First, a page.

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Introduction to ArcGIS

ArcGIS Logo
Image Source: https://logos-download.com/11094-esri-logo-download.html

ArcGIS is a Geographic Information System (GIS) software that is used in handling and analyzing geographical information by presenting compelling visualizations, managed by Environmental Systems Research Institute (ESRI). It comprises the creation and use of maps, analysis of the mapped information, compiling diverse geographic data, sharing the discoveries across an organization or community, as well as managing geographic information in a database.

ArcGIS Sample
Image Source: https://www.esri.com/en-us/arcgis/about-arcgis/overview

It is used by a vast variety of people and institutions ranging from academic departments and institutes to develop and foster research to several private/commercial institutions and governments. 

ArcGIS is made up of four key parts which are used to create geographical visualizations. The first part is a Geographic Information Model for modeling aspects of the real world, the second is basically for storing and managing the geographic information which is stored on files and databases, the third is made up of applications for creating, manipulating, editing, analyzing, and sharing information, and finally, the last part is a collection of web services that provides contents to software clients in a network.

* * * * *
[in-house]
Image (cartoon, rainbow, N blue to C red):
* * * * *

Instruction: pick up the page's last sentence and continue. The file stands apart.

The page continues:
ArcGIS has ranging functionality to implement geographic workflows and can be deployed on mobile devices, laptops, desktop computers, and Servers. Windows desktop software versions consist of the following: ArcReader, ArcGIS Desktop known as ArcMap, and ArcGIS Pro. Server-based ArcGIS software is available and forms part of the ArcGIS Enterprise product.

Introduction to ArcGIS Power BI

ArcGIS Power BI is one of the custom visualization tools in-built in Microsoft Power BI. ArcGIS Power BI provides mapping capabilities that enable you to create more attractive data stories using reports and dashboards. ArcGIS Power BI helps you in performing spatial analysis which leads to a greater understanding of your data through mapping important locations, spotting prominent patterns, budding relationships, etc. These can be done by using smart maps like Heat Maps, Clustering Data into Aggregates, adding Demographic and Reference Layers of Interest, Measure Drive Time, etc. 

ArcGIS Power BI is a wonderful mapping tool that gives you the ability to do a lot more with maps than ever before like adding data to maps which would then be viewed differently from the regular data. Visualizations from your dashboards and reports can be published and shared with others.